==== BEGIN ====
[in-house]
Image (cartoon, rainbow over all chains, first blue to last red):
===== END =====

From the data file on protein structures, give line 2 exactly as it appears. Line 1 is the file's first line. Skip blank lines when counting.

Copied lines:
Image (cartoon, rainbow over all chains, first blue to last red):